The thing about growing up with Fred and George,” said Ginny thoughtfully, “is that you start thinking anything’s possible if you’ve got enough nerve.”
– J.K. Rowling, Harry Potter and the Half-Blood Prince
Although J.K. Rowling’s words apply to Ginny pushing Harry to meet the wizard, Sirius, they could just have easily applied to the situation I found myself in more than a decade ago along with Jessica Spencer, my colleague. If you are like us, you too may have found yourself dissatisfied with existing tools or techniques for your research practice—even with the impressive array of digital tools currently available. Yet, this story begins back when we had far fewer solutions.
At the time, we were (and still are!) passionate qualitative researchers with little interest in or experience with technology. Our motivation sprang from the desire for human connection, joyfully employing tried and true projective, storytelling techniques, and projectives to elicit underlying truths with consumers. Like many of you, collage was considered a go-to technique for our qualitative research practice, but we realized that traditional collage posed several creative and logistical challenges.
Respondents would forget their homework and arrive empty-handed to the focus group. Others would seemingly spend more time poring over publications in search of inspiration. Even the most articulate and artistic participants often included images carefully culled for their pages or poster that were lacking in depth, emotion, and insight—being literal and surface-level—leaving us at ground zero in our excavation into their behaviors and motivations. Even over time, as Google became a go-to source for images, respondents would type the topic into the search engine and show up printouts of someone else’s vision for the collage themes.
After one too many subpar experiences, we decided to create our own tool that would make collage experiences better for the moderator, respondents, and the clients. We knew nothing about how to create a technology application and even less about what the journey would have in store for us. But from our frustrations, we were inspired to create karmaCollage 1.0.
The Path to Progress
Preparing an RFP
The first, and arguably most important step, is preparing an RFP. It requires a tremendous amount of thought regarding the tool and exactly what you need it to do. Clarity in this step is crucial to obtain accurate bids. You may benefit from bouncing ideas off a colleague in the application development world who can help you articulate your goals and aspirations for your project in a way that enhances clarity for the supplier you choose.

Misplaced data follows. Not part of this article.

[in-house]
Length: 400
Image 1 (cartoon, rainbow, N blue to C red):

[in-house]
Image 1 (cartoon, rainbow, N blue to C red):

For karmaCollage 1.0, we found three domestic companies via a simple Google search and asked them to provide detailed bids. A few years later, however, we had outgrown the technology and platform. We discovered additional levels of access and enhanced features we wished to incorporate. Our lead developer from the original supplier shop was no longer available, and we cast our net farther afield to Asia using tools like Upwork, Freelancer, and Fiverr to find developers.
Keep in mind that particularly in countries with less expensive labor, competition is so fierce among development companies that they seem to be solely focused on winning the work, even before they fully understand what you need. We sought international partners for karmaCollage 2.0 and tried to share with them flowcharts and visuals to fully explain what we needed the tool to accomplish, but were confidently dismissed—until the work began. Ultimately, our partner delivered a working solution, but it was missing some of the key features we had expected. The hours spent driving to alignment and covering necessary revisions easily surpassed any cost savings benefits we had anticipated during the supplier selection process.
Test Early and Often
Plan to spend a tremendous amount of time and energy putting the application through its paces. Test every conceivable usage scenario, and enlist friends and family to help. The goal is to uncover “bugs,” get them fixed, and not have the fix cause any additional problems.
After launch, take time to revel in the excitement of bringing something new and uniquely yours to the world. For those of us accustomed to written report deliverables, creating a standalone technology—no matter the type—is no small accomplishment.
The Maintenance Plan